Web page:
Chris Letcher – Harmonium EP

Chris Letcher
Harmonium EP

Chris Letcher burst onto the indie scene just last year with Frieze, a debut that had critics gushing over its blend of sophisticated wordplay, vast emotional scope, and dreamy soundscapes. Not that these ovations were undeserved: Letcher had succeeded in producing an album whose dense textures, bolstered by a childhood spent in South Africa, seemed to fuse the divergent worlds of afro-beat and western indie pop. Marked by its intricate arrangements and scholarly songcraft, Letcher seemed poised for global dominance. His latest offering, Harmonium, finds the man and his band in transition mode, nostalgically holding onto the past while fans await the next burst of creativity.

The title track is one of the few instances where we find Letcher in an original and captivating mode of composition. With conservatory-level training to bolster his inherent talent, Letcher and his band set up a rhythmic hemiola that, despite its pop sensibilities, still sounds as though it could be used as soundtrack material for the next Discovery Channel documentary on the lives of nocturnal insects. Chiming piano, unsettled strings, and skittering auxiliary percussion flirt with one another underneath Letcher’s gauzy vocals. Propelling the song forward is Letcher’s piano playing, merging simplistic block chord harmony and minimalist rhythmic pulsations to coax the song to its emotional climax, a cacophonous purging of drums, guitar, and horns that barely lasts twenty seconds.

Letcher might’ve grown up closer to the Serengeti than a lot of his contemporaries, but don’t think you’re going to get a Peter Gabriel or Paul Simon survey of African music with this EP. If someone tags these compositions as world music, you might as well do the same with fellow South Africa native Dave Matthews (a man with whom, ironically, Letcher has collaborated). It’s clear that he may have once called Africa home, but Chris Letcher is knocking on America’s door. You can’t blame him: lamellophone solos aren’t exactly going to move massive numbers of records on this side of the Atlantic, but a catchy sing-a-long chorus or two will. Such is the case with a track like “Architect,” which is sprinkled with unorthodox textures and yet still comes off as standard alt-rock fare. A backing band armed with glockenspiel, Coke bottles, baritone saxophone, and viola is all well and good, but on a song like “Scenes,” these eccentricities are no match for the chugga chugga rhythm of a palm muted electric guitar.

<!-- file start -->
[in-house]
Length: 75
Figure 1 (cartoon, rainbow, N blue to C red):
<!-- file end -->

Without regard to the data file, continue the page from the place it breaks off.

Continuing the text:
Not that Letcher left his homeland behind entirely. Most of the African influence to be found here is on tracks like “I Was Awake” and “Parker” where we find the band continuing to cross-pollinate their grooves with simultaneous duple and triple rhythms. But as Letcher told The South African in an interview, these complexities don’t need to be internalized for an enjoyable listen. And he’s right. “Parker” gives the listener plenty of ear candy, much in the same way “Harmonium” did earlier on the album. Over some obligatory hand claps and a beautifully bowed saw, Letcher does his best Carl Newman (New Pornographers) vocal imitation, singing about how “the weather’s unrelentingly grim” and dropping Spiderman references while the woodwinds and strings add a little harmonic muscle to the chorus.

Certainly, the three completely original songs on Harmonium are evidence that Chris Letcher is a burgeoning young songwriter, capable of cooking up some exciting ideas in the genre of reflective indie pop. Involved enough to satisfy even the most discerning audiophiles while still remaining accessible to the mainstream, Chris Letcher seems to have honed a sound that has indie quirkiness and a Top 40 sheen in equal measure. But like so many appetizer-sized offerings meant to bide time and appease fans before the next major release, Harmonium functions more as an epilogue from the last chapter of Letcher’s story than as a preview for the next exciting installment.